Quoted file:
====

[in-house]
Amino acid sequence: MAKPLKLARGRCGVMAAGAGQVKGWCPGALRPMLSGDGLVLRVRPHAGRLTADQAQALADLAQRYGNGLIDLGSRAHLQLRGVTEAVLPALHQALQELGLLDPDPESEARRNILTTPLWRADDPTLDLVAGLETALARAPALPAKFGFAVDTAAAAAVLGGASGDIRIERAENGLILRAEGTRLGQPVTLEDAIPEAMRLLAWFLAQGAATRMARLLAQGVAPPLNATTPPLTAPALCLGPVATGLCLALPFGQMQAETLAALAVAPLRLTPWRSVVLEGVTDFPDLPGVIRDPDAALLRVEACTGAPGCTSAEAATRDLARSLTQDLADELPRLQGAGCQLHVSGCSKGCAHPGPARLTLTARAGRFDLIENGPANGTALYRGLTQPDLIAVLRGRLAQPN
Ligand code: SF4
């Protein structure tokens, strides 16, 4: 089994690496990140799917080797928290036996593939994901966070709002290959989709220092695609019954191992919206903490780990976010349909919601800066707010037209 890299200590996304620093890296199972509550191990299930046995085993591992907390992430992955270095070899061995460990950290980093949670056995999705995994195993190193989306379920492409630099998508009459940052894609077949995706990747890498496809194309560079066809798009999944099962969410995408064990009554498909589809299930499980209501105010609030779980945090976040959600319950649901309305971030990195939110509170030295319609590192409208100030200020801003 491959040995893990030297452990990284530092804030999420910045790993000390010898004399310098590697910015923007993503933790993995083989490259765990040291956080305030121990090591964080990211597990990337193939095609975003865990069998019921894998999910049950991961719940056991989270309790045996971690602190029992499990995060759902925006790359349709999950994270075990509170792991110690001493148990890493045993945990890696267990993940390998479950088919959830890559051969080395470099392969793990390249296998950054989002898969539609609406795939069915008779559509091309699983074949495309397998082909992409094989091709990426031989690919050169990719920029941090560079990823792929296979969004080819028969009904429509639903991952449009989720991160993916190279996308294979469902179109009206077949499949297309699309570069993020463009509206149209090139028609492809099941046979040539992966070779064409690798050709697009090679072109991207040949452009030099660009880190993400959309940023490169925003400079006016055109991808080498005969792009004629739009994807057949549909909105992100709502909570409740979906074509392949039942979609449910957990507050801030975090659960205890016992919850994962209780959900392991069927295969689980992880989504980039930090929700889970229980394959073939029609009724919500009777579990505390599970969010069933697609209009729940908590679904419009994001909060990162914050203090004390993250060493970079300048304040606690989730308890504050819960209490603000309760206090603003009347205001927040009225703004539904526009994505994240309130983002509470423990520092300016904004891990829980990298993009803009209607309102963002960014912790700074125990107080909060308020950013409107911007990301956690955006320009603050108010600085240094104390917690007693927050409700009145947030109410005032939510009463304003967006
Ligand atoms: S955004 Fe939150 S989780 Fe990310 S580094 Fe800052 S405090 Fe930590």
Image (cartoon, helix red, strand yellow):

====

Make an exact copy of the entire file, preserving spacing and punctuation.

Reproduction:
[in-house]
Amino acid sequence: MAKPLKLARGRCGVMAAGAGQVKGWCPGALRPMLSGDGLVLRVRPHAGRLTADQAQALADLAQRYGNGLIDLGSRAHLQLRGVTEAVLPALHQALQELGLLDPDPESEARRNILTTPLWRADDPTLDLVAGLETALARAPALPAKFGFAVDTAAAAAVLGGASGDIRIERAENGLILRAEGTRLGQPVTLEDAIPEAMRLLAWFLAQGAATRMARLLAQGVAPPLNATTPPLTAPALCLGPVATGLCLALPFGQMQAETLAALAVAPLRLTPWRSVVLEGVTDFPDLPGVIRDPDAALLRVEACTGAPGCTSAEAATRDLARSLTQDLADELPRLQGAGCQLHVSGCSKGCAHPGPARLTLTARAGRFDLIENGPANGTALYRGLTQPDLIAVLRGRLAQPN
Ligand code: SF4
């Protein structure tokens, strides 16, 4: 089994690496990140799917080797928290036996593939994901966070709002290959989709220092695609019954191992919206903490780990976010349909919601800066707010037209 890299200590996304620093890296199972509550191990299930046995085993591992907390992430992955270095070899061995460990950290980093949670056995999705995994195993190193989306379920492409630099998508009459940052894609077949995706990747890498496809194309560079066809798009999944099962969410995408064990009554498909589809299930499980209501105010609030779980945090976040959600319950649901309305971030990195939110509170030295319609590192409208100030200020801003 491959040995893990030297452990990284530092804030999420910045790993000390010898004399310098590697910015923007993503933790993995083989490259765990040291956080305030121990090591964080990211597990990337193939095609975003865990069998019921894998999910049950991961719940056991989270309790045996971690602190029992499990995060759902925006790359349709999950994270075990509170792991110690001493148990890493045993945990890696267990993940390998479950088919959830890559051969080395470099392969793990390249296998950054989002898969539609609406795939069915008779559509091309699983074949495309397998082909992409094989091709990426031989690919050169990719920029941090560079990823792929296979969004080819028969009904429509639903991952449009989720991160993916190279996308294979469902179109009206077949499949297309699309570069993020463009509206149209090139028609492809099941046979040539992966070779064409690798050709697009090679072109991207040949452009030099660009880190993400959309940023490169925003400079006016055109991808080498005969792009004629739009994807057949549909909105992100709502909570409740979906074509392949039942979609449910957990507050801030975090659960205890016992919850994962209780959900392991069927295969689980992880989504980039930090929700889970229980394959073939029609009724919500009777579990505390599970969010069933697609209009729940908590679904419009994001909060990162914050203090004390993250060493970079300048304040606690989730308890504050819960209490603000309760206090603003009347205001927040009225703004539904526009994505994240309130983002509470423990520092300016904004891990829980990298993009803009209607309102963002960014912790700074125990107080909060308020950013409107911007990301956690955006320009603050108010600085240094104390917690007693927050409700009145947030109410005032939510009463304003967006
Ligand atoms: S955004 Fe939150 S989780 Fe990310 S580094 Fe800052 S405090 Fe930590």
Image (cartoon, helix red, strand yellow):